After more than a year of legal challenges, Pennsylvania has new district lines for the House and Senate.

The state Supreme Court has unanimously ruled to uphold the state legislature's second stab at drawing new districts.

 

The maps were challenged by several groups--among them, a piano teacher and self-styled redistricting savant who drew her own maps to show there was a better way.  

That argument worked the first time around, more than a year ago, when the court rejected the legislature's maps for having districts that divided too many towns and counties.

But the court says potential problems with redistricting 2.0 are "not nearly as dramatic" and notes mapmakers had to juggle several constitutional requirements.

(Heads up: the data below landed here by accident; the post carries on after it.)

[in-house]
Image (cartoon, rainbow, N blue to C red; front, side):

It also didn't hold political considerations against the redistricting panel, says one of its members, Senate Majority Leader Dominic Pileggi.

"It recognizes and explicitly says that politics is a part of this process, and there's nothing constitutionally objectionable about that," said Pileggi.

The court-approved district lines will be in effect in 2014.

Last decade's district lines had to be used for the 2012 election because this matter was still tied up in court.